Cellular networks controlling T cell persistence in adoptive cell therapy

Nat Rev Immunol. 2021 Dec;21(12):769-784. doi: 10.1038/s41577-021-00539-6. Epub 2021 Apr 20.


The antitumour activity of endogenous or adoptively transferred tumour-specific T cells is highly dependent on their differentiation status. It is now apparent that less differentiated T cells compared with fully differentiated effector T cells have better antitumour therapeutic effects owing to their enhanced capacity to expand and their long-term persistence. In patients with cancer, the presence of endogenous or adoptively transferred T cells with stem-like memory or precursor phenotype correlates with improved therapeutic outcomes. Advances in our understanding of T cell differentiation states at the epigenetic and transcriptional levels have led to the development of novel methods to generate tumour-specific T cells - namely, chimeric antigen receptor T cells - that are more persistent and resistant to the development of dysfunction. These include the use of novel culture methods before infusion, modulation of transcriptional, metabolic and/or epigenetic programming, and strategies that fine-tune antigen receptor signalling. This Review discusses existing barriers and strategies to overcome them for successful T cell expansion and persistence in the context of adoptive T cell immunotherapy for solid cancers.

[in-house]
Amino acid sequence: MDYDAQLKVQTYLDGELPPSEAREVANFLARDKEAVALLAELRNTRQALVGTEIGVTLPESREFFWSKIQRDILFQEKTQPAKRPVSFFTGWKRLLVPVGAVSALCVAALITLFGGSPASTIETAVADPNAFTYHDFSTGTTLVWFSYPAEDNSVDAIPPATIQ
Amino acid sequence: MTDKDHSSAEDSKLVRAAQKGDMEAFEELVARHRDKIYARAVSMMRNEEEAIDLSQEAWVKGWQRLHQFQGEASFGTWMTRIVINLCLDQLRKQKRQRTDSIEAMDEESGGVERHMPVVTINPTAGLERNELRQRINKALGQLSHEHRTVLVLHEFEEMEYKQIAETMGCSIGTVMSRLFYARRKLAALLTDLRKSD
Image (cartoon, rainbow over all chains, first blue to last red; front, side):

Publication types

  • Research Support, Non-U.S. Gov't
  • Review

MeSH terms

  • Animals
  • Cell- and Tissue-Based Therapy
  • Humans
  • Immunotherapy, Adoptive*
  • Lymphocyte Activation
  • Neoplasms / immunology*
  • Neoplasms / pathology
  • Neoplasms / therapy*
  • T-Lymphocytes / cytology*
  • T-Lymphocytes / immunology*